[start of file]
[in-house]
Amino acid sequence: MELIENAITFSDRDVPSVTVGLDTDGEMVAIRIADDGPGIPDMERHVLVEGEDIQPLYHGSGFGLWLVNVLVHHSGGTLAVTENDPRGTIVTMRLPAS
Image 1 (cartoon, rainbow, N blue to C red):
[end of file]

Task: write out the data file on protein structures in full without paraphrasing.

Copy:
[in-house]
Amino acid sequence: MELIENAITFSDRDVPSVTVGLDTDGEMVAIRIADDGPGIPDMERHVLVEGEDIQPLYHGSGFGLWLVNVLVHHSGGTLAVTENDPRGTIVTMRLPAS
Image 1 (cartoon, rainbow, N blue to C red):